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Album Review: Big Boi – BOOMIVERSE

3 min read
Photo: Sony Music Australia

The illustrious days of Outkast may be long gone, but former member Big Boi is still cranking out solo records that will fill the Outkast shapes void in your life. His debut effort dropped in 2010, the second in 2012 and now in 2017 we receive his third – BOOMIVERSE.

 The Atlanta hip-hop scene is one of the most legendary in the world, and nobody embodies the sound of an entire city quite like Big Boi can. His signature Georgia drawl is what the BOOMIVERSE revolves around, bringing the nostalgic sounds from the 90s right into 2017. With it’s No Scrubs strings, Da Next Day is an equally savage attack on “yo riff raft ass” indicating that one should probably not mess with Big Boi or his impressive list of collaborators.

The oriental intro to Kill Jill is drawn out a little too long, but when Killer Mike from Run The Jewels drops his grandiose first verse – such critiques can almost be overlooked. Rappers are often thought of as standalone entities, but in the Big Boi BOOMIVERSE there is space for everyone. Rather than dilute the talent of the record’s main star, guests are sprinkled in for extra flare and fireworks, amongst them Snoop Dogg and Gucci Mane.

In The South  is deep south through and through, it’s unashamedly East coast. The newly unofficial anthem of Atlanta, Gucci Mane, Pimp C and Big Boi go back to back with flow so sharp you’ll have to watch where it jabs you. All Night takes us further Louisiana way by means of its piano led melody, Big Boi is taking us on a state to state tour of his influences at break neck speed.

The Snoop Dogg featuring Get Wit It builds a bridge right back to Big Boi’s first solo single Shutterbugg, which took over the airwaves for anyone in the mood to party. It’s not quite as strong as the Shutterbugg era of Big Boi, but is a natural progression for such esteemed hip-hop royalty to be making at this stage in his career.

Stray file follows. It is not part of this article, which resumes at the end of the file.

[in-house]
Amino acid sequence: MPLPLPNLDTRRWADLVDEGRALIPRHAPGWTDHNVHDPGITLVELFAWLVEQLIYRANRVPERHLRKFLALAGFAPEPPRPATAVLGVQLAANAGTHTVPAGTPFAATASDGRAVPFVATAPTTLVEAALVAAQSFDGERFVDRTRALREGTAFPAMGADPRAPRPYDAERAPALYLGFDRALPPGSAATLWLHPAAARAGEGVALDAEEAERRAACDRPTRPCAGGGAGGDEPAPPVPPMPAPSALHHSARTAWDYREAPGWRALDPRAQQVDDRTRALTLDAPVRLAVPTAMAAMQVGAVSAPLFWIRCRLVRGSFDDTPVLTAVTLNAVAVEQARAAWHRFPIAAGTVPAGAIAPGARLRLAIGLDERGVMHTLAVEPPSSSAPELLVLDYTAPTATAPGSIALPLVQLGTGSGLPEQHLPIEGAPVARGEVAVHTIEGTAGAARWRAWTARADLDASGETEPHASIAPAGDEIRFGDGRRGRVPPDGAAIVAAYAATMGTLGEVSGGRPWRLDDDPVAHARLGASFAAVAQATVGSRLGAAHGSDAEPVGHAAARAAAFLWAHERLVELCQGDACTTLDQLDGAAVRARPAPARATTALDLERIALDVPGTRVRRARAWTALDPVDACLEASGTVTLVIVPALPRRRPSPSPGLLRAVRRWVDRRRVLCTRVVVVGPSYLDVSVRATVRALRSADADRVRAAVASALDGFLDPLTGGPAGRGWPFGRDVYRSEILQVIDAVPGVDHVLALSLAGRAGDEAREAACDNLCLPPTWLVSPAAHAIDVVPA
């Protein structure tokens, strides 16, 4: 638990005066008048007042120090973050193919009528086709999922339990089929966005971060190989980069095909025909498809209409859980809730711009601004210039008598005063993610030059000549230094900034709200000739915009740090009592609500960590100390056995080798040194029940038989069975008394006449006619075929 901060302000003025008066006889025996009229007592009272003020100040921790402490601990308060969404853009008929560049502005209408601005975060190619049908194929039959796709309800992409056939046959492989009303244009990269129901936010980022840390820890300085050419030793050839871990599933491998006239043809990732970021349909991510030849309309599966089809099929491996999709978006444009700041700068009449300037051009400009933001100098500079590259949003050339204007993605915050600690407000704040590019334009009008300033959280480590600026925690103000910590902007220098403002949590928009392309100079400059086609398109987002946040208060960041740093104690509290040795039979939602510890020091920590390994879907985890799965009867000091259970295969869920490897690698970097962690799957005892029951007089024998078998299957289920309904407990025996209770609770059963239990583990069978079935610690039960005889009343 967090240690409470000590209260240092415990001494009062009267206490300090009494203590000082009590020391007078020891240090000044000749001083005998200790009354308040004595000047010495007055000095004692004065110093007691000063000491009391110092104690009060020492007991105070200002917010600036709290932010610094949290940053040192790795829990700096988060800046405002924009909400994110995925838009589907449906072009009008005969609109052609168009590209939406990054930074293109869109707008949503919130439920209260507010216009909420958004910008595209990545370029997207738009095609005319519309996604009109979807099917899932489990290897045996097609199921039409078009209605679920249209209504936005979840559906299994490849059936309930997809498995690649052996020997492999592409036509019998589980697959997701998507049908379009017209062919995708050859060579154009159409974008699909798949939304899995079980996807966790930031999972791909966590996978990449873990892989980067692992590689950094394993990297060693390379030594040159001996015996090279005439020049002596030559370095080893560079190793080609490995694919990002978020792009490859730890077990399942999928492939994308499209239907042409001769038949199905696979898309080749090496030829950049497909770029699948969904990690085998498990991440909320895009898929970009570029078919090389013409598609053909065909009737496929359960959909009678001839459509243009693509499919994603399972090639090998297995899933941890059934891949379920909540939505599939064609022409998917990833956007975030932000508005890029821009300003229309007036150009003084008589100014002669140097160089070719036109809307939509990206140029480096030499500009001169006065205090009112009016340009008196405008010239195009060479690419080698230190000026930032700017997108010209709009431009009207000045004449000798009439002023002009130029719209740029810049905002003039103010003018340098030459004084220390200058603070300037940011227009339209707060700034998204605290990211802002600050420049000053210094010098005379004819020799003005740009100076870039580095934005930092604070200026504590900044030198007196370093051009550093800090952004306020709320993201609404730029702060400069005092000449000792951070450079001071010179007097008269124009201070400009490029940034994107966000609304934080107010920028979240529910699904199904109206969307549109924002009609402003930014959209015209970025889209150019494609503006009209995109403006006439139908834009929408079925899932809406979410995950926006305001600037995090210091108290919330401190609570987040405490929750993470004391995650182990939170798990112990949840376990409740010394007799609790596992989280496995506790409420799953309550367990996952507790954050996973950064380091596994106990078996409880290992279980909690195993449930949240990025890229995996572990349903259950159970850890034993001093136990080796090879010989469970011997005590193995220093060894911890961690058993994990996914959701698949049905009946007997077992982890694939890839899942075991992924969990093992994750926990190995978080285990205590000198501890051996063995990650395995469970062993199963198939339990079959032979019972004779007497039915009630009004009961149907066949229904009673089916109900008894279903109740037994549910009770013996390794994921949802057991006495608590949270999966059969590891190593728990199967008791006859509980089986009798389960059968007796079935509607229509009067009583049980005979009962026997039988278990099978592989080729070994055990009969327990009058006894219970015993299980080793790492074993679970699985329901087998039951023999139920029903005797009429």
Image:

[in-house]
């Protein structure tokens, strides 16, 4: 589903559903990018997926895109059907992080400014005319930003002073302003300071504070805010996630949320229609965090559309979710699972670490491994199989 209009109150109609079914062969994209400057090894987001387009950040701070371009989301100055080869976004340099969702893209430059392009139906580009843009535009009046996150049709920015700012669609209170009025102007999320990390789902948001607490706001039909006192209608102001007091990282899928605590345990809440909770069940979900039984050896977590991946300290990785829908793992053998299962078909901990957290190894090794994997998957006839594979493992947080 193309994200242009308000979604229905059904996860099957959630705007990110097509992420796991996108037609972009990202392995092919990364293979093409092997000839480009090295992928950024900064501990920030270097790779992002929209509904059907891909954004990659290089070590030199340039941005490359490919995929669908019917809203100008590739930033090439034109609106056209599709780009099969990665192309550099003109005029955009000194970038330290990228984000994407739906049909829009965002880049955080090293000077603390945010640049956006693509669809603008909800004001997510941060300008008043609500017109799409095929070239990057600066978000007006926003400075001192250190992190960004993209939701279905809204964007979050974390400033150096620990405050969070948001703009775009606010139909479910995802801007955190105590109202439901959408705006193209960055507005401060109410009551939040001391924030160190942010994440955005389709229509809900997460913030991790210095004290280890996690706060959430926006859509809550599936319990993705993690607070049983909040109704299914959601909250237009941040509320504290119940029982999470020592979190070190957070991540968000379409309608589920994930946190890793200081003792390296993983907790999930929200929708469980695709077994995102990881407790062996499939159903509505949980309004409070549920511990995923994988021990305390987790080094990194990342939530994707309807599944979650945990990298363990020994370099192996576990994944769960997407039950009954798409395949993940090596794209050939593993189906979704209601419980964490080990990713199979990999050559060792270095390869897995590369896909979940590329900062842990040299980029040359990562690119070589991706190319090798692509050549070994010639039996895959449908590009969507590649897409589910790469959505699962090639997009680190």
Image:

Killer Mike is back on tag team duty for Made Man, a rapid fire assault on the senses that could give king Kendrick a run for his money. Malcolm X is name checked amidst lines about protest and a key message of “don’t mess with us or you will deeply regret it”. The swagged out attitude of Big Boi shines through in abundance, it’s a level of being cocky that comes from hard work and legwork put in, as opposed to assumed entitlement.

The sweet sax of Freakanomics paves the way for a key highlight from the BOOMIVERSE. This tune has major potential, not that this is something Big Boi is too concerned with. He makes music because it’s fun for him, rather than for his listeners – thankfully though, BOOMIVERSE is able to entertain both artist and listener in harmony. Follow Deez is maxed out on chilled out aggression, with Curren$y taking centre stage. Take away the beats, and what you’re left with is lines that flow like poetry at the highest level.

Time was, hip-hop was seen as a criminal deviant, but in 2017 there is finally respect for it as a legitimate genre. Even with lyrics covering drugs, guns and gang wars, there can be no denying the poetic quality of Big Boi and his cohort of collaborators. BOOMIVERSE may not live up to the all out party set out on his first record, but it’s more than good enough to keep the Atlanta hip-hop scene thriving for decades to come.